A person-in-context approach to student engagement in science (article in JRST)

Written by: Josh Rosenberg

Primary Source: Joshua M. Rosenberg, September 29, 2017

Over the past few years, I have worked with Jennifer Schmidt and Patrick Beymer to explore student engagement in science using the Experience Sampling Method (ESM). Most recently, we used what scholars have referred to as a “person-in-context” approach, using both ESM and a person-oriented approach.

A figure is helpful for conveying how the person-oriented approach can be used to find common momentary engagement profiles:

momentary engagement profiles

We examine how common these profiles are in laboratory activities and on the basis of students’ ability to make choices. These choices are not only about with whom to work or how much time to spend, but also what questions or problems students take up.

A link to the paper, not yet assigned to an issue but available as an early view, is here.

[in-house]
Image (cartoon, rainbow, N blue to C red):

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Joshua M. Rosenberg is a Ph.D. student in the Educational Psychology and Educational Technology program at Michigan State University. In his research, Joshua focuses on how social and cultural factors affect teaching and learning with technologies, in order to better understand and design learning environments that support learning for all students. Joshua currently serves as the associate chair for the Technological Pedagogical Content Knowledge (TPACK) Special Interest Group in the Society for Information Technology and Teacher Education. Joshua was previously a high school science teacher, and holds degrees in education (M.A.) and biology (B.S.).